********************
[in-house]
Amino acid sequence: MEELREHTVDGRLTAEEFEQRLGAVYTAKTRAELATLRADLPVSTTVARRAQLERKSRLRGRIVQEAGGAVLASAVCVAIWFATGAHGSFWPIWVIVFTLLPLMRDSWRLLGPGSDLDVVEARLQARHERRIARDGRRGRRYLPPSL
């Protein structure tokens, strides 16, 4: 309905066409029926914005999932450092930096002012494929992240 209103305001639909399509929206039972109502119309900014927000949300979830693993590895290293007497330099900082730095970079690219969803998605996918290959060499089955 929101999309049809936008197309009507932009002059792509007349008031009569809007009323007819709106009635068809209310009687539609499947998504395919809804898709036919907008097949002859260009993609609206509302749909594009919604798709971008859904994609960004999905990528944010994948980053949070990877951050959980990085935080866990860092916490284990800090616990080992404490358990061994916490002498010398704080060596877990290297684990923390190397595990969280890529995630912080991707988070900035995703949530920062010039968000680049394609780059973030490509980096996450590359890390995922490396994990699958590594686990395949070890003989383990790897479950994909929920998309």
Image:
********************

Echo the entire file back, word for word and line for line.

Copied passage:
[in-house]
Amino acid sequence: MEELREHTVDGRLTAEEFEQRLGAVYTAKTRAELATLRADLPVSTTVARRAQLERKSRLRGRIVQEAGGAVLASAVCVAIWFATGAHGSFWPIWVIVFTLLPLMRDSWRLLGPGSDLDVVEARLQARHERRIARDGRRGRRYLPPSL
């Protein structure tokens, strides 16, 4: 309905066409029926914005999932450092930096002012494929992240 209103305001639909399509929206039972109502119309900014927000949300979830693993590895290293007497330099900082730095970079690219969803998605996918290959060499089955 929101999309049809936008197309009507932009002059792509007349008031009569809007009323007819709106009635068809209310009687539609499947998504395919809804898709036919907008097949002859260009993609609206509302749909594009919604798709971008859904994609960004999905990528944010994948980053949070990877951050959980990085935080866990860092916490284990800090616990080992404490358990061994916490002498010398704080060596877990290297684990923390190397595990969280890529995630912080991707988070900035995703949530920062010039968000680049394609780059973030490509980096996450590359890390995922490396994990699958590594686990395949070890003989383990790897479950994909929920998309």
Image: